Rebecca Santos Seetahal, Mass NOW’s Co-Vice President of Community Engagement, has spearheaded numerous initiatives and demonstrations for the organization. Now, she has some advice for you: “Be loud about what you want and what you believe.”

Here, she explains why you should consider running for office in the age of Trump, and she chats about her feminist warriors.

Q: What advice would you give to young feminists feeling discouraged by today’s political environment?

A: Political landscapes are unstable and ever changing. They change because people like you, who hold strong beliefs, go out there and make their voices heard and their positions visible. There is always a place for you in politics, because you, as a constituent, hold the most powerful position and influence. Be loud about what you want and what you believe, because you are not only speaking for yourself. Most of the time your position is that of many others. And collectively, our voices can and will change the world.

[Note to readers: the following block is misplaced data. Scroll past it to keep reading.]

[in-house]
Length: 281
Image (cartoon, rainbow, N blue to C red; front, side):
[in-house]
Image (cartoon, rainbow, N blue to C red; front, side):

I think it’s also important to point out that our leaders are elected. You can run for office. Yes, you! I think right now, because of our political climate, people are starting to realize that mobilization of our collective power is the only way. Sitting down is not an option because people’s lives are being immediately affected. So, I encourage anyone feeling frustrated or sad by today’s political climate to go out and learn about your state’s political landscape and reach out to organizations that are mobilizing to get women and minorities elected into office.

Q: Who is your current feminist warrior?

A: I don’t think I could pick one specific person, because every day I find myself in awe of and inspired by another incredible human working to make this country and this world a better place. My feminist warriors are the teams and individuals I work with at different organizations who are pushing forward into battle on the multitude of feminist issues whether that be reproductive justice, immigration rights, LGBTQ rights, racial justice, economic equity, or the intersections among them.

Q: If you could be an article of clothing, what would you be?

A: A 6-inch red stiletto.